4. The obligation is envisaged to post reports on trading (bidding, auction) results in respect of the sale of land plots or the granting of the lease rights on the internet resources of the authorized body.

5. It is determined that civil transactions executed by individuals and/or legal entities in violation of the Land Code are invalid. This amendment does not define such transactions. However, we understand that it refers to transactions with land plots that may not be owned by certain categories of persons for whom the obligation to sell is provided, such as transactions on the purchase of agricultural lands, if there are foreign participants in the Kazakhstan legal entity.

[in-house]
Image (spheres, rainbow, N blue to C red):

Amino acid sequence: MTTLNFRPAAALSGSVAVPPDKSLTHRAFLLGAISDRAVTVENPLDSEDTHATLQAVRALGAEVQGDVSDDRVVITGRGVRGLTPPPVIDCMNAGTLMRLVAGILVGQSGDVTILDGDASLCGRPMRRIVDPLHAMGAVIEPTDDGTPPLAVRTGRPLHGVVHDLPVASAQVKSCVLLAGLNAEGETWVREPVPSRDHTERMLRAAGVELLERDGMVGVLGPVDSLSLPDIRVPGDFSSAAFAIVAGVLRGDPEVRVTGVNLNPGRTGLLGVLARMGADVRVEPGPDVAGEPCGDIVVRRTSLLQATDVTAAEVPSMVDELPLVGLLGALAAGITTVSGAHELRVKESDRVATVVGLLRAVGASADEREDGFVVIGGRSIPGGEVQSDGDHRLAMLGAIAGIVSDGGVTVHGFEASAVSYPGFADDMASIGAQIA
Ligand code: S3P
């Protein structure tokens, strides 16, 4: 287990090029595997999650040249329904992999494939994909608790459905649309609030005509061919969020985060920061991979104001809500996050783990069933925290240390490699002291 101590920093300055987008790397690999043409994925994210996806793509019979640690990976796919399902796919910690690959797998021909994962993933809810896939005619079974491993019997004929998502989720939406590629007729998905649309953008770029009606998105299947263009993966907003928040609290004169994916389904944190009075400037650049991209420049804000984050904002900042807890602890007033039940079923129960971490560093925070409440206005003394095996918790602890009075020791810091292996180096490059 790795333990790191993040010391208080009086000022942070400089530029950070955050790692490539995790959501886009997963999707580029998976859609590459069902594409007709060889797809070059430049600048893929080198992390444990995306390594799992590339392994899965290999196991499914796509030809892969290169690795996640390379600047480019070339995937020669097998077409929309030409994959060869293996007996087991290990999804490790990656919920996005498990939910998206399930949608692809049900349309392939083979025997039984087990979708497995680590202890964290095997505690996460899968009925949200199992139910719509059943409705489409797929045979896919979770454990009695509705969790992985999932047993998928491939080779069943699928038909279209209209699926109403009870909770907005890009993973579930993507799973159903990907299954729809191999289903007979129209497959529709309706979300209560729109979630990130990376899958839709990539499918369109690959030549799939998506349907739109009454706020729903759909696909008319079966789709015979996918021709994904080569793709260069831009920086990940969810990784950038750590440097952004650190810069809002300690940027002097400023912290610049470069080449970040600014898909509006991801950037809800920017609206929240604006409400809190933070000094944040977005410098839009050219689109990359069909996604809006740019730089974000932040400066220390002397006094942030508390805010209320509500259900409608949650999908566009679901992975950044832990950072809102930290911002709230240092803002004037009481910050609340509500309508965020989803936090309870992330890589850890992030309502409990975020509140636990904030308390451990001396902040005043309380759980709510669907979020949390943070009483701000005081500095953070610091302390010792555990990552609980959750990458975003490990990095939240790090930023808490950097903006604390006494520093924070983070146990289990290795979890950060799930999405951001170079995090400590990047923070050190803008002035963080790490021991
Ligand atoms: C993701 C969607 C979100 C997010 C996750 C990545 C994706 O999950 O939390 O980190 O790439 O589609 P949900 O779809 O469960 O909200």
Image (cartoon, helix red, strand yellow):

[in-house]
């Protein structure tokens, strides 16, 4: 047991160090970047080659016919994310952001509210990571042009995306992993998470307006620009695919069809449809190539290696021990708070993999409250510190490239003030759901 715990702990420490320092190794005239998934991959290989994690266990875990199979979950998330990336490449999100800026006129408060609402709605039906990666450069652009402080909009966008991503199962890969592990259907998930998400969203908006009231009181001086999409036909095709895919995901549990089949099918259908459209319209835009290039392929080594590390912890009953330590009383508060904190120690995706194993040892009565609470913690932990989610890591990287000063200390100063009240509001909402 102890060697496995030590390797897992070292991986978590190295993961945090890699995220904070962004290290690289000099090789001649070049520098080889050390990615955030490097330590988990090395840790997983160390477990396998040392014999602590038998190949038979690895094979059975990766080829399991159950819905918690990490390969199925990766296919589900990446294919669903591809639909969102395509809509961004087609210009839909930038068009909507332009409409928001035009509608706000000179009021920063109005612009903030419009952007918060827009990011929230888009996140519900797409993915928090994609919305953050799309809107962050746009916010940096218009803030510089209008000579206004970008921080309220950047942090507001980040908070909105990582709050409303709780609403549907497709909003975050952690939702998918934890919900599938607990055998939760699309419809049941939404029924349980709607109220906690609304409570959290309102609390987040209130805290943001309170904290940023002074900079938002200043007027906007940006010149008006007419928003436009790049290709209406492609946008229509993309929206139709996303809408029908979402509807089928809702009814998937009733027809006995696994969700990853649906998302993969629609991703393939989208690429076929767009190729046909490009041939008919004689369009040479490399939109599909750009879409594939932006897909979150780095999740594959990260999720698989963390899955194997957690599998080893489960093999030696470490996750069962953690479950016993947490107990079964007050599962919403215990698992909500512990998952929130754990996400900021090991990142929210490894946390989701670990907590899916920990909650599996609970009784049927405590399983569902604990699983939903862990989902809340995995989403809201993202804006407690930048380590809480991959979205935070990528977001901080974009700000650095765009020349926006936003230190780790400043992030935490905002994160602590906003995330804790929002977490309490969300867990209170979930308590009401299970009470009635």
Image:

The amendments do not explicitly provide whether such transactions are voidable (i.e., a court decision is required to invalidate a transaction), or void ab initio (i.e. automatically invalid from the outset due to the grounds expressly provided for by the law). As the amendments do not expressly define that any of the transactions referred to above are void ‘ab initio’ due to the violation of the Land Code, then by virtue of the general provisions of the Civil Code such transactions should be categorized as voidable.

6. Regarding land plots that are not used as per their designation and not developed, which may be withdrawn from an owner or land user (e.g., a land plot intended for construction may be withdrawn if it is not used for its intended purpose for three years from the date of taking a decision to grant such land plot), a more precise definition is given to periods of time that should not be included when calculating the period of non-use.

In particular, the calculation should not include the time during which: